Google recently announced that the United States and several other Western governments drastically increased the number of censorship requests during the second half of 2011. The most recent Google Transparency Report, which is Google’s fifth transparency report since 2009, indicates that the U.S. government has increased the number of censorship requests by an alarming 718%. Dorothy Chou, Google’s Senior Policy Analyst, wrote in a recent Google blog post that the trend indicates free expression is at risk:
“This is the fifth data set that we’ve released. And just like every other time before, we’ve been asked to take down political speech. It’s alarming, not only because free expression is at risk, but because some of these requests come from countries you might not suspect—Western democracies not typically associated with censorship.”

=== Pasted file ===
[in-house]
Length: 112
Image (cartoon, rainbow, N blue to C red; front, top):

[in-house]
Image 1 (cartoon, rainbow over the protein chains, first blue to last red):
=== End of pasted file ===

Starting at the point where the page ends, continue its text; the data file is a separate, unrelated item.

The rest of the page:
For the last three consecutive time periods reported, Google has substantially reduced the compliance rate relative to the number of requests received by the U.S. government:
July to December of 2010:
1,421 censorship requests with 87% removal
January to June of 2011:
757 censorship requests with 63% removal
July to December of 2011:
6,192 censorship requests with 42% removal
As the above numbers indicate, the percentage of requests that resulted in censorship dropped from 87% to 42% over an 18-month time period. Some of the recent content removal requests included the following:
• Google received court orders to remove 218 search results that linked to defamatory websites. However, Google only removed 25% of the web sites.
• A local law enforcement agency requested that Google remove a blog post that allegedly defamed a law enforcement official, but Google chose not to comply with the request.
• A separate law enforcement agency requested that Google remove 1,400 YouTube videos on the grounds of harassment, but Google did not comply with the request.
Do you think the increased number of censorship requests is merely due to the increasing amount of web content and government monitoring of such content? Or do you feel that the increasing number is an indication that freedom of speech is at risk?